Studies show that drinking water during the school day can help lower the risk of childhood obesity by as much as 30 percent. So what's preventing schools from offering it at lunch?
Money. Not only are disposable cups
- Lylah M. Alphonse, Senior Editor, Yahoo! Shine | Work + Money – Fri, Apr 15, 2011 7:02 PM EDT
Sarah Palin holds her infant son, Trig, as she stands on stage with her husband, Todd, during the Republican National Convention in St. Paul, Minn., Sept. 3, 2008. (Photo: Susan Walsh/AP)With billionaire businessman Donald Trump eying the White House (and taking second place in a recent Public Polling Survey of possible republican candidates), his resurrection of the Obama birth certificate controversy is shining a light on something GOP contender Sarah Palin would prefer to keep private: whether 2-year-old Trig is her biological son-or her grandson.Read More »from Sarah Palin's birther problem resurfaces: Was her pregnancy with Trig a hoax?
It's an issue that first came up days after Arizona Senator John McCain emerged as the front-runner for the Republican presidential nomination, and Palin was on the short list for the VP spot. In March 2008 Palin, then 44 and the governor of Alaska, announced to her shocked staff that, in spite of her barely-there belly and pre-pregnancy wardrobe, she was seven months pregnant with her fifth child. Trig was born, a month early, on April 18; McCain asked Palin to be his running mate in late August. The pregnancy-hoax rumor was squashed on September 1 by the McCain campaign's awkward announcement that Palin's teenage
- Lylah M. Alphonse, Senior Editor, Yahoo! Shine | Work + Money – Wed, Apr 13, 2011 10:14 PM EDT
President Barack Obama and first lady Michelle Obama with Vice President Joseph Biden and Dr. Jill Biden just after launching This week, the White House launched a new initiative to support military families.Read More »from White House launches "Joining Forces" to support military families
Spearheaded by First Lady Michelle Obama and Dr. Jill Biden (a Blue Star mom herself), the goal of Joining Forces is to increase awareness of the role that military families are playing and to find ways to support military spouses, children, and veterans.
"This is about the responsibility that we each have to one another, as Americans," the First Lady said during Tuesday's launch of the program. "It's about the fact that... one percent of Americans may be fighting on our behalf, but 100 percent of Americans need to be supporting our troops and their families. This campaign is about renewing those bonds and those connections between those who serve and the rest of us who live free because of their service."
"This will help unify us as a country," Mrs. Obama said in an interview after the launch. "It's something we can all rally around, regardless of our political party or geographic area. It's an
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It's a speculum. And no, you can't get one at Walgreens. (Photo: Thinkstock)Not really, of course. But the folks at "Fox & Friends" seem to think so.Read More »from Pap smears at Walgreens?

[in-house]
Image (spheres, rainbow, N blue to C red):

On Saturday, while deriding Senate Majority Leader Harry Reid's defense of the services offered by Planned Parenthood, the male co-hosts let slip their cluelessness about-or perhaps their contempt for-women's health issues. Here's the exchange:
STEVE DOOCY: And the thing about it that was audacious was the fact that he [Reid] was talking about Planned Parenthood being this great provider where women can get blood pressure checks, and pap smears, and breast examinations...
BRIAN KILMEADE: Which you can get at Walgreens.
DOOCY: Exactly right.
The conservative confusion (should that be in quotes?) about what Planned Parenthood actually provides may have stemmed from a statement made last week by republican Senator Jon Kyl of Arizona.
"You don't have to go to Planned Parenthood to get your cholesterol or your blood pressure checked," Kyl said during the budget debate. "If you want an abortion, you go to Planned
- Lylah M. Alphonse, Senior Editor, Yahoo! Shine | Vitality – Tue, Apr 12, 2011 4:32 AM EDT
Thea Singer, author of The secret to living to age 100 or older may be mostly in the genes, but there's another secret to longevity, and it has nothing to do with special diets, super surgeries, or where your ancestors are from. It has to do with managing stress-or, more specifically, knowing how to rebound from stressful situations.Read More »from The real secret to a longer life: Learn how to rebound from stress
There's a direct link between psychological stress and biological aging, says Thea Singer in her new book, "Stress Less: The New Science That Shows Women How to Rejuvenate the Body and the Mind." And that link goes all the way down to our cells.
In a groundbreaking study, 2009 Nobel Prize-winning cell biologist Elizabeth H. Blackburn, Ph.D., and health psychologist Elissa S. Epel, Ph.D., both at the University of California, San Francisco, discovered that that chronic stress "literally gnaws at our DNA-its tips, or telomeres, to be precise-speeding up the rate at which our cells age." In fact, Singer told me in an interview, "Women who perceived themselves as being under the